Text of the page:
Sitting in an office surrounded by oil paintings by such illustrious names as Sean Keating, William Orpen and Evie Hone, it seems curious to be discussing the relative cultural merits of The Four Marys, Spiderman and the Starship Enterprise.

But for the auction house which recently set a world record for a Paul Henry painting when The Spoil Of The Sea which was painted on Achill Island in 1916 — sold for £155,030, this is business as usual.

But while the younger customers are interested in the rockets or sci-fi comics, older boys are more keen on Keogh's collection of post-war clockwork train sets.

"There are clubs for enthusiasts of the traditional Hornby O-guage and N-guage train sets," insists Michael.

"And we have a few different sets of Hornby trains. Many boxed items. Locomotives, rolling stock, tracks, the lot."

Is Michael expecting parents to buy these antique items for their children?

"Not necessarily," say Keogh. "Quite apart from committed collectors, I suspect many people simply wish they'd kept their own originals in good shape and are either treating themselves or buying replacement."

MEMORABILIA

"Film buffs may get a kick out of some James Bond movie memorabilia we've added to the auction," he says.

"There's an original poster for Goldfinger, a model of the Lotus Esprit from The Spy Who Loved Me and a miniature Moon Buggy Irons Diamonds Are Forever, complete with box."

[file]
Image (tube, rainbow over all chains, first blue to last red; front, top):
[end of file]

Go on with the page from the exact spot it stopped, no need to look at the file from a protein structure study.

Is it, perhaps, disconcerting for the art expert to find himself cataloguing ephemera as opposed to his salesrooms' usual fare of Regency and Victorian furniture and works of art?

Michael laughs sit the scenario. "Yes, we're more noted for famous paintings and elegant old furniture than comics and toys," he says.

"But this is a lot of fun. And we'll be donating part of the proceeds to Temple Street Children's Hospital which gives us an added satisfaction.

"I've always had an interest in toys, and collected them as a child. Now I'm dealing with hundreds of lots and I'm sure this auction will attract all sorts of interested parties from tiny tots to big children."

The auction will be held on Monday, December 15 at 6.30pm)


Caption: TOY STORY Michael Keogh (top) with a desirable Dalek and (above) some of the other lots up for auction

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  • APA 6th ed.: Carr, Eamon (1997-12-05). Toying with the market. The Herald (Ireland) p. 17.
  • MLA 7th ed.: Carr, Eamon. "Toying with the market." The Herald (Ireland) [add city] 1997-12-05, 17. Print.
  • Chicago 15th ed.: Carr, Eamon. "Toying with the market." The Herald (Ireland), edition, sec., 1997-12-05
  • Turabian: Carr, Eamon. "Toying with the market." The Herald (Ireland), 1997-12-05, section, 17 edition.
  • Wikipedia (this article): <ref>{{cite news| title=Toying with the market | url=http://cuttingsarchive.org/index.php/Toying_with_the_market | work=The Herald (Ireland) | pages=17 | date=1997-12-05 | via=Doctor Who Cuttings Archive | accessdate=18 January 2021 }}</ref>
  • Wikipedia (this page): <ref>{{cite web | title=Toying with the market | url=http://cuttingsarchive.org/index.php/Toying_with_the_market | work=Doctor Who Cuttings Archive | accessdate=18 January 2021}}</ref>